Worship for Kids: June 11, 2017

May 8th, 2017

From a Child's Point of View

Old Testament: Genesis 1:1 –2:4a. This story of the seven-day creation of the world is familiar to most church children. They enjoy identifying what was created on each day. Fifth- and sixth-graders enjoy learning, from the creation of the domed sky in verses 6-8, that the writer(s) thought the world was like a flat plate covered by an inverted bowl, rather than like a ball suspended in space. Knowing that the scientific redefinition of the shape of the earth did not change our understanding of the God who created it provides budding scientists and historians with a crucial understanding to serve as a foundation for their learning and thinking about the world.

Psalm: 8. Children share the psalmist's awe when looking at the world, and his wonder at the role people play in that world. Most of the words and ideas are concrete enough to be understood by all children. The meaning of those that are not can be communicated in the tones and inflections of a dramatic reading.

Gospel: Matthew 28:16-20. In Matthew's Gospel, Jesus sends his disciples into the world in God's three-part name. They are to do the work of God, who created and cares for the world; of Jesus, who loved and forgave us; and of the Holy Spirit, who is working to make the world the wonderful place God intended that it be. Children often learn about God by identifying what God does and what God calls us to do.

Epistle: 1 Corinthians 13:11-13. Paul concludes his letter with the hope that the Triune God will be with his readers and support them. Children can learn about God by the ways God acts on our behalf. God created the world and all of us, and God has a good plan for each of us. God in Jesus teaches us how to live and forgives us when we do not do as we should. And God's Spirit lives with us to enjoy life with us and works in us to give us the power to do hard work.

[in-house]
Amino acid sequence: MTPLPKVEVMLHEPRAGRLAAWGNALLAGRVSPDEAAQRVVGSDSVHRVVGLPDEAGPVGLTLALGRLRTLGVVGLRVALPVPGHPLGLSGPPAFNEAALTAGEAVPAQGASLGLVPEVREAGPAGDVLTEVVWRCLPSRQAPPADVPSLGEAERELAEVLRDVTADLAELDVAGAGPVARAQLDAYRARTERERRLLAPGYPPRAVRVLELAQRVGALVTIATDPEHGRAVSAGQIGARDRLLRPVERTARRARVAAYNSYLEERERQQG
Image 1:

Watch Words

Children first understand Trinity and Triune simply as words we use at church to talk about God. The connection to a triangle helps them to recall and define the word.

Remember that God is neither male nor female. If you prefer not to speak of God in feminine images such as Mother, do avoid overusing masculine images and pronouns.

Let the Children Sing

"Now Thank We All Our God" is probably the best general praise hymn for the day. Second choice is either the familiar "Holy, Holy, Holy!" in which difficult vocabulary is balanced by a repeated opening phrase, or the less familiar "Holy! Holy!" which has simpler vocabulary.

Consider three hymns, one for each person of the Trinity. To God the Creator, sing "For the Beauty of the Earth" or "This Is My Father's World." Sing "Jesus Loves Me!" or "Tell Me the Stories of Jesus" for Jesus the Son. And try "Breathe on Me, Breath of God" for the Holy Spirit, especially if you sang it last week to celebrate Pentecost.

The Liturgical Child

1. The creation story is familiar and loved. It is also long. To keep everyone's attention, ask seven readers to read one day each. In a small sanctuary, readers standing in a semicircle might be heard clearly. If microphones are needed, readers can stand near the microphone and take turns. If two mikes are available, alternate days can be read from each mike. Readers may include people of all ages, or they may be all from one class. One practice session is essential.